Résumé Design – 10 Not-So-Obvious Tips

You’ve been doing your homework and using all the standard top tips to refine your résumé, but that doesn’t mean your résumé design is ready to go out into the world and work for you! Use these nine advanced tips to dig a little deeper, tighten your design, and make sure your résumé gets to the top of the Interview Pile.

Objective Specific to Job Posting.

Hiring managers don’t care that you want a job, they want to know why you want this job and how it fits into your overall career plan. What are your goals within the field, and more importantly, what can you do for them?

To many employers, a generic objective at the top of a résumé is much worse than none at all because it shows a missed opportunity to connect with the business you’re applying to.

List Concrete & Specific Skills.

Skills specific to electrical engineering. You completed the Fundamentals of Engineering Exam. What does that mean? What important functions can you carry out? What technical or industry programs can you use? Even if it seems obvious or implied, show what you know!

I once listed proficiency in both PC and Mac use on a résumé, even though I thought that knowing both was a really obvious technical skill. It turned out to be one thing that made me stand out from other applicants and I ended up getting the job.

Experience vs. Relevant Experience.

If it’s been more than five years since you graduated high school, it’s probably time to stop listing it on your résumé, especially if you’ve since completed a higher degree. Put that current and relevant experience and education at the top of the page so it’s hard to miss.

No experience in your career field yet? Find skills and responsibilities in your work history that could translate into useful skills in your field. Maybe the strict organizational responsibilities in your last administrative assistant job are crucial to the accountant position you’re going for. Leadership skills are vital in every industry across the board. Highlight your experiences in manager and supervisor positions.

References Available on Request?

If you have references available on request, you might as well list them! There’s no reason not to, and it saves the hiring manager an extra step. If they’re looking through 150 résumés and your résumé doesn’t include all the information they want, it’s an easy way for your résumé to end up in the No Thanks pile.

Organized Information.

If your résumé is confusing or hard to read, it’s probably due to poor organization in your résumé design. Pay attention to the visual hierarchy. Is like information grouped together and easy to find? Do section titles stand out? Is the most important or relevant information displayed first? Have someone else look over your résumé and see if they have any difficulties navigating it at a glance.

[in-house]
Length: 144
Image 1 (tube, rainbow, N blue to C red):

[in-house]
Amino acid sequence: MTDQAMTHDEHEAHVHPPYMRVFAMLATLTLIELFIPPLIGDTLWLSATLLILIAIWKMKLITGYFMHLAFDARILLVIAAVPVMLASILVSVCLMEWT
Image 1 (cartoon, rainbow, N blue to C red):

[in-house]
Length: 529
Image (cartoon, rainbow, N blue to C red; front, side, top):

Let Your Personality Show Through!

Even though you’re using formal language in a job application, try to let your voice come through in your cover letter and résumé. If an employer can get a glimpse of your shining personality, it makes you more memorable and more like a real person rather than a bunch of words on a paper.

Explain Gaps in Your Résumé.

If your résumé shows a large gap in employment, it’s obviously helpful to explain it somewhere in your cover letter or in your experience section, but other gaps can cause confusion to hiring managers too. If it’s been a few years since you graduated with a degree but you don’t have any professional experience in your field, they might wonder why you chose to stick with a non-related job instead of moving into your new career field.

Have you been looking, but found the job market in your field too limited? Or did you make an agreement to stay at your current job for a specific period of time? Whatever the case, let the hiring manager know how eager and excited you are to transition into your new career field at their business.

Relocating?

If you’re applying to jobs in a different city from your current location, you’ve got extra challenges to deal with. Make it clear that you’re relocating and mention when you’re anticipating being in the area. Are you able to visit town for an interview? Say so. If not, use the cover letter to show them how easy it is to conduct the interview long distance! Offer to meet via Skype, Google Hangouts, or phone call for an interview.

Be Brief.

I know it’s hard, but try to keep your résumé to one page if possible. It’s cleaner, it’s easier to read, and it almost certainly means that you’ve cut down on the fluffy crap and tightened your résumé design and content down to the essentials. Use your cover letter to deliver extra information and let your personality shine, but do be aware that not every hiring manager will accept a cover letter. Make sure the meat of your message fits into your résumé itself.

Ask for Help.

When in doubt, reach out. Actually, always reach out. It never hurts to have an extra set of eyes on your résumé, and I bet you know someone in art, design, or writing who would love to help make your résumé stand out from the crowd. They might even work for cookies or beer. Win – win!

Need an extra set of eyes on your résumé, or want to take your résumé design up a notch? Send it my way! I’m happy to look over your current résumé and return it with notes and suggestions, free of charge.

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